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Migrating a 2 TB database from 9 i to 10 G Rac ASM

Posted on 2009-07-08
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 we   have an oracle database in oracle 9i  sizing up to nearly 2 Terra Bytes in OLTP environment.  we would like to implement Oracle 10g RAC with Storage as ASM  on  a SAN raid 5 and 10.

a) What is the best method to migrate this database to Oracle 10g RAC with minimum
     down time.

b) Can you please also tell me the avg time taken to migrate a 2 TB Size database to 10
    RAC

c) How are the  administratative  tasks  different  with 2 TB database and small databases
     below 200 GB

d) What should be the method for backups. Does RMAN support such big database or  do we need to go for third party tools .if yes which ones

e) What are the problems that we usually encounter in such big databases

Thanks
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Question by:happylife1234
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Accepted Solution

by:
mrjoltcola earned 1432 total points
ID: 24805033
These are a lot of questions. It is recommended to ask one question per thread. I will answer your RMAN / backup & recovery ones


>>a) What is the best method to migrate this database to Oracle 10g RAC with minimum
     down time.


The way to migrate from a standard database to an ASM and/or RAC database, you will use RMAN. That is the only way to backup ASM databases (except when using a SAN mirroring feature such as EMC Timefinder BCVs)

http://www.oracle.com/technology/pub/articles/chan_sing2rac_install.html


>>d) What should be the method for backups. Does RMAN support such big database or  do we need to go for third party tools .if yes which ones


For very large backups, you can do rolling backups with RMAN. Daily you would backup a different set of tablespaces or datafiles. In the event of a recovery, you would end up applying more archive log to the older backups. You will need to keep archivelog to cover the oldest datafile backups to ensure complete recovery.

For large multi terabyte databases, often we do not use plain RMAN backupsets at all, instead we use BCV / Mirror snapshots. This a feature provided by SANs (EMC, NetApp). You put the tablespaces in hot backup mode then snapshot a mirror of the whole filesystem. With this method you can take multi-terabyte backups in minutes.

This is really a very large question and I advise to consult a professional to really help you make your decision.

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by:mrjoltcola
mrjoltcola earned 1432 total points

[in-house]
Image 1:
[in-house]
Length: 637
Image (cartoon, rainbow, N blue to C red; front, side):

ID: 24805287
This is the approach we have taken with some large databases that have 24x7 SLA.

I have only done it with EMC but other SAN technologies have similar features.

http://www.emcstorageinfo.com/2007/08/emc-bcv-operation-on-host-running.html

The assumption is that when building your SAN, for database footprint N, you build in N x the number of BCVs you need. So for a recent telecom customer, they had 3 BCVs. The primary database was 2TB, so we had an 8TB EMC SAN. We used three BCVs in rotation in combination with a tape system.
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by:schwertner
schwertner earned 568 total points
ID: 24805496
The main question is how to migrate from 9i to 10g.
Export/Import is not good for this DB size.
Possibly you have to try to use the Migration Assistant.
Before this you have to make a full backup of the DB
and this is also a huge problem.

Anather approach (if your DB comprises more then one application)
is to migrate partially - application by application.

RAC,ASM and SAN need experience and knowledge and as suggested by Mrjoltcola professionals with good experience will be the best advisors.
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Author Comment

by:happylife1234
ID: 24806068
Hi Mrjoltcola,

Can you please also tell me the avg time taken to migrate a 2 TB Size database to 10    RAC ASM  with procedure  mentioned by you ie from standered database to ASM. What will be the down time  for this method is the database is 2 TB .Does ASM support moving from lower versions to 10G .Can the Mirror snapshots provided by SANs (EMC, NetApp) be used for an upgrade ie from 9 i to 10g ASM.

Thanks
0
 
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Assisted Solution

by:mrjoltcola
mrjoltcola earned 1432 total points
ID: 24806164
>>Can you please also tell me the avg time taken to migrate a 2 TB Size database to 10